If you want to find out a bit more about me …
Did you like school?
I was very miserable at my first school. I couldn’t get the hang of reading, or tying my tie – we had to wear one as part of our school uniform. I was also convinced the headmistress was a witch. But then we moved house and I went to a different school and things got a whole lot better. Mrs Branson, the headmistress at the new school, thought reading was very important and she invited every child who finished a book to come and see her in her office and tell them about it. Afterwards, she would give you a Smartie and a sticky shape to stick in your exercise book. I loved going to see her. Not just because of the sticky shapes and Smarties, but because she was so encouraging and interested in what you had to say (all the best teachers are). It’s partly because of her I turned into a bookworm. I’ll always be grateful to her.
As for tying my tie, my mum and dad came up with a brilliant solution. Get an elastic one. Problem solved!
What were your favourite books as a child?
Too many to mention! Us bookworms have to get through a lot of words and paper to keep ourselves fed, but here are some of them:
- Winnie the Pooh and the House at Pooh Corner by A.A. Milne
- The Tale of Mrs Tiggywinkle by Beatrix Potter
- The Magic Faraway Tree by Enid Blyton
- My Naughty Little Sister by Dorothy Edwards
- Little Old Mrs Pepperpot by Alf Proysen
- Just So stories by Rudyard Kipling (and in particular The Elephant’s Child)
- The Lion, the Witch and the Wardrobe by C.S. Lewis
- The Ghost of Thomas Kempe by Penelope Lively
- A Traveller in Time by Alison Uttley
- The Wolves of Willoughby Chase by Joan Aiken
And one for luck…
- The Gods Beneath the Sea by Leon Garfield and Edward Blishen, with wonderful illustrations by Charles Keeping
I also liked reading poetry. My favourite poem was, and still is, The Highwayman by Alfred Noyes. Full of drama, romance and a bit of the red stuff too.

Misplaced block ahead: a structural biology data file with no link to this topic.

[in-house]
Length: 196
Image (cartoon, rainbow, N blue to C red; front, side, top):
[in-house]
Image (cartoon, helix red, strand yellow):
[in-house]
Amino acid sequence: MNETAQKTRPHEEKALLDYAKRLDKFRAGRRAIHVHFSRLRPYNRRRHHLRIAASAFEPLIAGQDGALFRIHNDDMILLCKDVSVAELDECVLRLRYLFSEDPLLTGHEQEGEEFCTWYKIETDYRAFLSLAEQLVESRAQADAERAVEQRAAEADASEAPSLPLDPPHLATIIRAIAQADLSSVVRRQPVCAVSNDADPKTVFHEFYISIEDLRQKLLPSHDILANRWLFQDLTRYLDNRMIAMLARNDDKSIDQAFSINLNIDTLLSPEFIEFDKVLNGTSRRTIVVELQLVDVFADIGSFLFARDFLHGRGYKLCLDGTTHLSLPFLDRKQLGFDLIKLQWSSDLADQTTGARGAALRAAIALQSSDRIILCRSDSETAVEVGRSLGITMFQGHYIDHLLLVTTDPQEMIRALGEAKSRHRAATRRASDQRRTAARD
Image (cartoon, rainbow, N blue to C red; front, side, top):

What was the first thing you can remember writing?
If you don’t count my name, and all those boring writing practice exercises you have to do at school, it was a retelling of Sleeping Beauty. I wrote it in an exercise book which was half blank and half lined on each page. As it took up practically the whole book, it meant I had to draw a picture on every page. I’m not very good at drawing so this was a BIG MISTAKE. I remember a girl in my class called Valerie Andrews decided to try and write an even longer story than me. Hers was all about monsters. In the end she just kept repeating the phrase ‘and then there were more monsters and more monsters’ because she ran out of ideas. She had to do lots of drawings too…
What other jobs have you done besides being a writer?
A lot of different things including:
- a Saturday job stacking yoghurts and cheese in a supermarket; I resigned quickly before I got frostbite
- au pairing in the Ardenne mountains in Belgium: looking after three children, shovelling snow, collecting milk in a pail every day from the local farm and trying not to get pecked to bits by the manic family chicken who was called Duchesse
- editing books including one by a pet psychologist all about getting bad dogs to be better-behaved
- lots of writing press releases and photocalls which involved dressing up (including as a Martian – twice) and working with animals (mainly dogs but also earthworms and other wildlife) to promote things in the local newspapers
- helping to organise all sorts of events from carnivals and steam train extravaganzas to celebrity Christmas lights switch-ons (including one with actress Britt Ekland and her Chihuahua who she got to help her press the switch) and science festivals.
What historical time and place would you most like to travel back to for real?
Hmmm. Tricky. There are so many choices.
How about with Sir Walter Raleigh on one of his expeditions to South America to find gold in the mythical El Dorado for King James I; although I’d make sure I was safely back inside my time machine and heading for the 21st century before he got thrown into the Tower of London for coming back empty-handed.
Or maybe to 17th century Virginia, America at the time of the first English settlement in Jamestown before things started to go wrong and they all died of malaria, starvation and other nasties.